The Vatican has fired back at German bishops after their criticisms of a controversial Roman parish reform instruction, but it has offered them the chance to clear up their “doubts and perplexity” over the document.
– Cardinal Stella: instruction “a warning signal” against mistaken ideas of the parish
Ever since it was published July 20, a steady stream of German bishops has criticised the new instruction put out by the Vatican Congregation for the Clergy entitled “The pastoral conversion of the Parish community in the service of the evangelising mission of the Church”.
Cardinal Beniamino Stella, the Prefect of the Congregation, responded to those criticisms in an interview with Vatican Insider July 28.
In that interview, the cardinal said – in comments apparently directed precisely at the critical German prelates – that the instruction included “a warning signal” against ideas of the parish “as a ‘business’ that provides different kinds of services – sacramental, social, charitable – and not as a missionary community, a family”.
One of the central points of criticism of the new document has been its shoring-up of the authority of the priest at the expense of the co-responsibility for leadership of deacons, men and women religious and laypeople.
But Cardinal Stella paid no mind to those criticisms of a warmed-over clericalism, and insisted on the need to highlight the “specificity of the parish priest as a ‘shepherd’ of [the] community” and as such the only figure mandated in Church law to bear the ultimate authority for the running of a parish.
“This doesn’t mean that the parish priest has to do everything by himself, without listening to others or without leaving room for them” to play their part in the local Church community, Stella explained.
“But it is necessary to be careful not to reduce the parish to the rank of a ‘branch’ of a ‘business’, in this case, the diocese, with the consequence of it being able to ‘be managed’ by anybody”, even by groups of lay administrators, the cardinal went on.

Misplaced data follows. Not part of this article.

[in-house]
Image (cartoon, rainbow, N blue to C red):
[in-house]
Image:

Reading between the lines, Stella’s remarks seemed like an admonition of those German dioceses which are experimenting with non-priest-centred parish leadership models in the face of declining vocations and plummeting Church membership numbers.
That warning aside, however, the cardinal did extend the critical German bishops an olive branch over the document, saying in comments reported by German Catholic news agency KNA that he would be pleased to meet with the prelates to “remove doubts and perplexity” over their interpretation of the text.
Stella said that meeting could take place “in due course” if the discordant German bishops were inclined to set out their objections to the instruction.
However, the cardinal reportedly declined to enter into those polemics ahead of time, refusing to address at this point such questions about the instruction raised by the German bishops including its timing, purpose, lack of consultation with regard to content and the text’s relationship with the processes of mass consolidation and restructuring of parishes that a number of German dioceses are presently engaged in.
– The debate continues: is the instruction a “return to clericalisation” or a “valuable impulse” for mission?
As a consequence of its reinforcement of the authority of priests, the new Congregation for the Clergy instruction explicitly bars deacons, religious and laypeople from leading parishes in their own right, but it also goes as far as to rule out leadership teams consisting of ordained and non-ordained members.
That restriction of the role of the non-ordained in parish life prompted the majority of German bishops to sharply criticise the document as out of touch with reality, a step back into the past or even a “return to clericalisation”.
While the bulk of German prelates came out against the document, the instruction did find a few supporters in the country’s episcopacy including Bishop of Eichstatt Gregor Maria Hanke, who said he found “many valuable impulses” for mission and evangelisation in the text.